Speaking at Advertising Week Europe today, Sorrell acknowledged the wishes expressed by the likes of Procter & Gamble chief marketing officer Marc Pritchard and his Unilever counterpart Keith Weed.
"What Marc Pritchard and Keith Weed are signalling, and other advertisers have signalled, is that we have to be more responsive, more agile, less bureaucratic, less layered, more principle-driven, in the sense of driven by creative principle," Sorrell said, by satellite link from New York.
"One of the things we pointed out to Marc in our discussions with him … there were two things. First it was pointed out that about 50% of what we do is "creative" and the objective was to move that to 75%. So 75% of the time we spend should be around the creative product of our craft rather than being strategic, account management, or whatever it happens to be.
"The other thing was, we pointed out, that often what we had what was termed, I think by the Americans, a 'buddy system'. The client has x number of people, the agency feels obligated to field x number of people in response. Not having to match the structure was increasingly important."
The resulting development can be seen as WPP’s response to the rise in popularity of zero-based budgeting among clients, Sorrell suggested.
"I would just point out that we have in those parts of our operation put together what we call a ZBB agency response, which is much less bureaucratic, much less layered, much more creatively-driven, much more principle-driven in terms of the people who are running it, much more agile, much more responsive. And the results, even in financial terms, quite apart from effectiveness and efficiency, even in finanical terms are as good or better than our traditional models."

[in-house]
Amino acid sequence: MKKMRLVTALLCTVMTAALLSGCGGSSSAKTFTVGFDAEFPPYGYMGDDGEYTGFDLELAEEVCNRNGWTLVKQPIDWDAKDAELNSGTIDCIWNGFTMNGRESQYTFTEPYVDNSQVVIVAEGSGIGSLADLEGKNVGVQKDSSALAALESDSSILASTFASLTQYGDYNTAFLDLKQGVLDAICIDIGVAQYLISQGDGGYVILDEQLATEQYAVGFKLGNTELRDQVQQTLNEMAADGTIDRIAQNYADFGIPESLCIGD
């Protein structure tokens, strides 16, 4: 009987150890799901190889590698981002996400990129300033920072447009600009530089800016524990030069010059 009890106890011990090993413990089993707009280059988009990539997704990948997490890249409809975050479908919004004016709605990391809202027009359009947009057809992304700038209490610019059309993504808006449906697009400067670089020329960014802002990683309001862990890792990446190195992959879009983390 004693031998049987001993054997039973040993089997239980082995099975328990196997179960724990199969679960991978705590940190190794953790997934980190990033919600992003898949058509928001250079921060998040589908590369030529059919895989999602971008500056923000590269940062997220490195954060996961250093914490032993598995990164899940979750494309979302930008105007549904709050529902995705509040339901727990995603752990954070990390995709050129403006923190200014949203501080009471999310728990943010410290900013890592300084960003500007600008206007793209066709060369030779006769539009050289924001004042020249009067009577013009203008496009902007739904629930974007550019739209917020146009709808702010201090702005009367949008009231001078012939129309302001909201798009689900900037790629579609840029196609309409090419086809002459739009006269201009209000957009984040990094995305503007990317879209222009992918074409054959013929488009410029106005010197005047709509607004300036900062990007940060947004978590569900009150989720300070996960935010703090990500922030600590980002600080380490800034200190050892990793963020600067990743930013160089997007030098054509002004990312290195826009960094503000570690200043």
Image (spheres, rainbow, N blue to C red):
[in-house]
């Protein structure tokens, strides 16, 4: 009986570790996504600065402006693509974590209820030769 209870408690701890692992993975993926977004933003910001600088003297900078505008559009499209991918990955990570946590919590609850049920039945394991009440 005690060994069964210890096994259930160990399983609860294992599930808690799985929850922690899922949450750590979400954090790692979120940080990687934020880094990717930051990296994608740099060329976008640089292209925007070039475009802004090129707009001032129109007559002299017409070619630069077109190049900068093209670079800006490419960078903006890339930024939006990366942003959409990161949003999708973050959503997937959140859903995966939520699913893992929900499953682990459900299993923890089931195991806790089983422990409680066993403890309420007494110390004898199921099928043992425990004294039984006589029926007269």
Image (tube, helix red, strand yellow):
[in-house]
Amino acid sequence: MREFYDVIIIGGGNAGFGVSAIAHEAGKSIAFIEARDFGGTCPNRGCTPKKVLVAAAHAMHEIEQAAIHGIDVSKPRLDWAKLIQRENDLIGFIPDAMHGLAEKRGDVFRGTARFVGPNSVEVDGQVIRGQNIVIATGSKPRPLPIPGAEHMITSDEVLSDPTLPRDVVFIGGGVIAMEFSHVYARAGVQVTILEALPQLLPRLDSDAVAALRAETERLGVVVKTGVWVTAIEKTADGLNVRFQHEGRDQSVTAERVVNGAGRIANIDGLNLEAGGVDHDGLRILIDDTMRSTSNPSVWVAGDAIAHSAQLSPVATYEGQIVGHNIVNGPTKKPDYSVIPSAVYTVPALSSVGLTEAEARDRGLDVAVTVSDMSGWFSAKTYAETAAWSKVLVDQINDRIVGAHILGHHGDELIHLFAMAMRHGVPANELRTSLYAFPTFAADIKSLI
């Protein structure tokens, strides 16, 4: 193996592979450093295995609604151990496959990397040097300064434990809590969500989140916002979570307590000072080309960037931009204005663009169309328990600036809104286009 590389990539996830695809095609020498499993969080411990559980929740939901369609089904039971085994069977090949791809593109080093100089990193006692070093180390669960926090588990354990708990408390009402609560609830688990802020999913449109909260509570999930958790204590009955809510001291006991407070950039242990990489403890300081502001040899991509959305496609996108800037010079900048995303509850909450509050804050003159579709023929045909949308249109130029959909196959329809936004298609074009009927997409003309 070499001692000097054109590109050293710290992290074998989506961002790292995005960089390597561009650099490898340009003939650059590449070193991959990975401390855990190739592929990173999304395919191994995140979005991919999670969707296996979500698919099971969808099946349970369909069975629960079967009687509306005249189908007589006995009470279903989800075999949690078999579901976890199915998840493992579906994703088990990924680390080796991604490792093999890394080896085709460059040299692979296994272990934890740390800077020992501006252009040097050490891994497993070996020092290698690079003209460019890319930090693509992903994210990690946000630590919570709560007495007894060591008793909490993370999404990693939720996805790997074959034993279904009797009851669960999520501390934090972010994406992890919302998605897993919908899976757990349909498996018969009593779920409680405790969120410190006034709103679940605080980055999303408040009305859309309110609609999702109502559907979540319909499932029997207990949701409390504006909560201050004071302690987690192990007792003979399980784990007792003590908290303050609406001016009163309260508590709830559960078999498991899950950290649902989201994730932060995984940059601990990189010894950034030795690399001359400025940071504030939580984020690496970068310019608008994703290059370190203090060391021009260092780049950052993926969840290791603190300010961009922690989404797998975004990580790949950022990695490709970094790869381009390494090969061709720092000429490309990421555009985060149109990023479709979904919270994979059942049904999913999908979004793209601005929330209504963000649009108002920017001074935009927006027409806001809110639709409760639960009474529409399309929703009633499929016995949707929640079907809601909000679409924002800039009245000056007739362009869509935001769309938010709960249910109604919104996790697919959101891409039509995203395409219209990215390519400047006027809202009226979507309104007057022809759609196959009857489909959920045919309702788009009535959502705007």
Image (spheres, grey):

Sorrell was interviewed by CNN Money Europe editor Nina dos Santos, who asked him whether it was possible he could be succeeded by a woman.
"Not likely, but possible," Sorrell replied cagily, ever reluctant to let details slip of the group’s succession plans.
In contrast, Sorrell rated the chances of seeing further consolidation in the marketing services industry as "highly likely", especially if led, as seems likely, by further consolidation among media owners. But WPP’s acquisition focus would continue to be on small companies in fast-growth markets and in fields including data, technology and content, he added.
Dos Santos also asked, in light of further revelations about Cambridge Analytica, whether Sorrell had revised his opinion on whether Google and Facebook should be regulated.
"At the end of the day I would be in favour of self-regulation rather than forced regulation. To be fair to Google and Facebook, Google are in the process of hiring 10,000 people to moderate and follow content. Facebook I think are hiring 20,000 people," he said.
Sorrell's appearance today follows WPP stock-price tumble earlier this month in response to underwhelming financials and its decision to cut its long-term earnings growth target. At the time Sorrell said "the traditional creative business is where the pressure is" and it is "less" on the media agencies, while admitting embarassment over WPP's missed revenue targets in 2017.